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Intersection of two Objects

  • Thread starter cloj63
  • Start date
  • #1
2
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Homework Statement



Ok, I need to find the angle at which I will throw an object (O1) so that it intersect with another one (O2) already in motion.

I know the speed of each object (constant speed, no acceleration), I know the angle of O2 and its distance from me at time=0

Homework Equations



Speed O1 10u/s
Speed O2 3u/s

Angle of O1: unknown
Angle of O2: ∏/3

Position of O2 at t0: 40 units, at an angle of 3∏/2 in O1 perspective

The Attempt at a Solution



THIS ATTEMPT WENT TO NOTHING, IT IS LONG AND MAYBE CONFUSING SAID LIKE THAT IN A FORUM... read if you prefer. In reality; I am searching for a way to solve the problem that is not this one (as I get negative discriminant in a quadratic thus impossible to solve). What path would you use to solve it?

Here is my first attempt to solve it; google doc sheets and its written in french however:
https://docs.google.com/file/d/0BzKB0-4y9gXPR0dzVGc2elVUUC1ud2Z4VWdjdkpOdw/edit?pli=1

There is a lot of errors in that, and the first half page is just junk and irrelevant in the end.

To summarize: I think it as a triangle problem where P1 is me, P2 is the other object and P3 is the intersection point.
I know one angle: P2 because I know O2 position and its angle of motion [∏/2-(2∏-3∏/2)]+[∏/2-∏/3]=∏/6.
I also know the P1P2 side; 40 units
I don't exactly know the other two sides, but I know their relation to each other:

P1P3 side is the distance my object will move: P1P3=t*(Speed of O1)=t*10u/s

P2P3 side is the distance the other object will move: P2P3=t*(Speed of O2)=t*3u/s

P3 is the point they will intersect, thus at P3; t of both will be equal. t=P2P3/(3u/s)
Thus I can substitute in one equation: P1P3=P2P3/(3u/s)*10u/s

Long story short; I was able to isolate what my Angle P1 was, but it required using Law of Cosin and a quadratic equality... to get a very long equation (you can see the derivation starting from middle 2nd page if you want). But the quadratic left a radical, and unfortunately most scenario I am in lead to a negative answer IN the quadratic (Discriminant <0) and I can't understand why it could give me an impossible scenario in an intersection problem...
 

Answers and Replies

  • #2
10
0

Homework Statement



Ok, I need to find the angle at which I will throw an object (O1) so that it intersect with another one (O2) already in motion.

I know the speed of each object (constant speed, no acceleration), I know the angle of O2 and its distance from me at time=0

Homework Equations



Speed O1 10u/s
Speed O2 3u/s

Angle of O1: unknown
Angle of O2: ∏/3

Position of O2 at t0: 40 units, at an angle of 3∏/2 in O1 perspective

The Attempt at a Solution



THIS ATTEMPT WENT TO NOTHING, IT IS LONG AND MAYBE CONFUSING SAID LIKE THAT IN A FORUM... read if you prefer. In reality; I am searching for a way to solve the problem that is not this one (as I get negative discriminant in a quadratic thus impossible to solve). What path would you use to solve it?

Here is my first attempt to solve it; google doc sheets and its written in french however:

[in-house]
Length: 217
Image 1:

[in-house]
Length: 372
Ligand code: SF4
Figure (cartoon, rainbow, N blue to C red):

https://docs.google.com/file/d/0BzKB0-4y9gXPR0dzVGc2elVUUC1ud2Z4VWdjdkpOdw/edit?pli=1

There is a lot of errors in that, and the first half page is just junk and irrelevant in the end.

To summarize: I think it as a triangle problem where P1 is me, P2 is the other object and P3 is the intersection point.
I know one angle: P2 because I know O2 position and its angle of motion [∏/2-(2∏-3∏/2)]+[∏/2-∏/3]=∏/6.
I also know the P1P2 side; 40 units
I don't exactly know the other two sides, but I know their relation to each other:

P1P3 side is the distance my object will move: P1P3=t*(Speed of O1)=t*10u/s

P2P3 side is the distance the other object will move: P2P3=t*(Speed of O2)=t*3u/s

P3 is the point they will intersect, thus at P3; t of both will be equal. t=P2P3/(3u/s)
Thus I can substitute in one equation: P1P3=P2P3/(3u/s)*10u/s

Long story short; I was able to isolate what my Angle P1 was, but it required using Law of Cosin and a quadratic equality... to get a very long equation (you can see the derivation starting from middle 2nd page if you want). But the quadratic left a radical, and unfortunately most scenario I am in lead to a negative answer IN the quadratic (Discriminant <0) and I can't understand why it could give me an impossible scenario in an intersection problem...
X = the distance (X-axis) from origin of the final position of both objects when they meet.
Y = the distance (Y-axis) from origin of the final position of both objects when they meet.
y1 = distance traveled by object 1 in the Y-axis
y2 = distance traveled by object 2 in the Y-axis
x1 = distance traveled by object 1 in the X-axis
x2 = distance traveled by object 2 in the X-axis
X1i = initial position of object 1 in the X-axis
X2i = initial position of object 2 in the X-axis
Y1i = initial position of object 1 in the Y-axis
Y2i = initial position of object 2 in the Y-axis

X = x1 + X1i = x2 + X2i
Y = y1 + Y1i = y2 + Y2i

initial position of both is already given. i.e X1i X2i Y1i Y2i

x1 = (V1 * Cos (θ1)) * t
x2 = (V2 * Cos (θ2)) * t
y1 = (V1 * Sin (θ1)) * t
y2 = (V2 * Sin (θ2)) * t



Now good luck.
 
  • #3
2
0
thanks, I will try this out
 

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